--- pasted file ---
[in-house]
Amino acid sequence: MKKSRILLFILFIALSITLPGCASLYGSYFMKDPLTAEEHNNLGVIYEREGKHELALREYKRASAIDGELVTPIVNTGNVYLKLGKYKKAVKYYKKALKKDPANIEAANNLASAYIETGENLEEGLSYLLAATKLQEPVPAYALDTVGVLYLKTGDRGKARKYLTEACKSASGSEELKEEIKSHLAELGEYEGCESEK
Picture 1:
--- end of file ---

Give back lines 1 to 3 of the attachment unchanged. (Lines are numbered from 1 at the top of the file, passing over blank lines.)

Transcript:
[in-house]
Amino acid sequence: MKKSRILLFILFIALSITLPGCASLYGSYFMKDPLTAEEHNNLGVIYEREGKHELALREYKRASAIDGELVTPIVNTGNVYLKLGKYKKAVKYYKKALKKDPANIEAANNLASAYIETGENLEEGLSYLLAATKLQEPVPAYALDTVGVLYLKTGDRGKARKYLTEACKSASGSEELKEEIKSHLAELGEYEGCESEK
Picture 1: